It is interesting how often things do come in threes. After not thinking of the case of Carter v Boehm (1766) 3 Burr 1905 for months, it came up 3 times in the past week.
First, I delivered a paper at the Northern Territory Insurance Conference on the Six Principles of General Insurance and it was the first case I referred to. I then had cause to refer to it in an email I forwarded to an insurer, reminding them that principle as explained by Lord Mansfield was a “two way” street requiring insurers and insureds to exercise utmost good faith. Thirdly, I learned that the Australian Insurance Law Association were considering visiting the site of the fort that gave rise to the case during their 2016 convention.
The facts of the landmark case were that Carter was the Governor of Fort Marlborough (now Bengkulu in Indonesia), which was built by the British East India Company on the island of Sumatra. He arranged an insurance policy with Mr Boehm against the fort being destroyed or captured by a foreign enemy. At the time the Britain was at war with France.
Captain Tryon testified that Carter was aware that the fort was built to resist attacks from the local inhabitants, but not European enemies and the French were likely to attack. The French did attack and Boehm meet the claim lodged by Carter. As a result, Carter sued.
Lord Mansfield held that Mr Carter as the proposer owed a duty of Utmost Good Faith, (the Latin term uberriamae fidea was commonly used till recently) to the insurer under which he was required to disclose all facts material to the risk. In his summing up, Lord Mansfield stated
Insurance is a contract based upon speculation. The special facts, upon which the contingent chance is to be computed, lie most commonly in the knowledge of the insured only; the underwriter trusts to his representation and proceeds upon the confidence that he does not keep back any circumstance in his knowledge, to mislead the underwriter into a belief that the circumstance does not exist, and to induce him to estimate the risque [risk] as if it did not exist. Good faith forbids either party by concealing what he privately knows, to draw the other into a bargain from his ignorance of that fact, and his believing the contrary.”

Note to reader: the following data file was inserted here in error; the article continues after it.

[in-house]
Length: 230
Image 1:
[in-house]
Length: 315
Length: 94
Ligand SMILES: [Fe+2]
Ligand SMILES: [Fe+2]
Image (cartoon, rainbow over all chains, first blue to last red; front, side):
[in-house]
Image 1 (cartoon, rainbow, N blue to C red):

Lord Mansfield went on to hold that the duty was was reciprocal and that if an insurer withheld material facts, the example cited being that an insured vessel had already arrived safely, the policyholder could declare the policy void and recover the premium.
The significance of this case cannot be overstated. In the much more recent Manifest Shipping Co Ltd v Uni-Polaris Shipping Company Limited, (200) UKHL1 Lord Hobhouse said:
As Lord Mustill points out, Lord Mansfield was at the time attempting to introduce into English commercial law a general principle of good faith, an attempt which was ultimately unsuccessful and only survived for limited classes of transactions, one of which was insurance. His judgment in Carter v Boehm was an application of his general principle to the making of a contract of insurance. It was based upon the inequality of information as between the proposer and the underwriter and the character of insurance as a contract upon a “speculation”. He equated non-disclosure to fraud. He said at p 1909:
The keeping back [in] such circumstances is a fraud, and therefore the policy is void. Although the suppression should happen through mistake, without any fraudulent intention; yet still the underwriter is deceived, and the policy is void.”
Closer to home, and even more recent, in HIH Casualty and General Insurance Ltd v Chase Manhattan Bank (2003) UKHL 6 Rix LJ stated,
I am conscious that in Carter v. Boehm itself Lord Mansfield does seem to have considered that there was a difference between the concealment which the duty of good faith prohibited and mere silence (‘Aliud est celare; aliud tacere…). As a result, non-disclosure in the insurance context in the early years was referred to as a ‘concealment’, and the doctrine has sometimes been viewed and explained as constructive fraud. However, Lord Mansfield was seeking to propound a doctrine of good faith which would extend through the law of contract, and in that respect his view did not bear fruit. Where, however, in the insurance context it put down firm roots, it came to be seen as a doctrine which went much further than the antithesis of fraud, and, as it came to be developed, “non-disclosure will in a substantial proportion of cases be the result of an innocent mistake.”
Despite the common law position, most insurers have a condition addressing misrepresentation and non-disclosure and it is of course addressed by 4 sections of the Australian Insurance Contracts Act (1984) namely:
- Section 13: The Duty of Utmost Good Faith
- Section 48: Entitlement of Named Persons to Claim
- Section 56: Fraudulent Claims
- Section 28: General Insurance
While Carter v Boehm is certainly important to the insurance industry, it is not regarded as his most important judgment. That goes to his ruling in what is known as the Somersett Case oon the legality of owning slaves. Somerset v Stewart (1772) 98 ER 499.
Being a lover of history and insurance I will make every endeavour to attend the 2016 AILA Conference.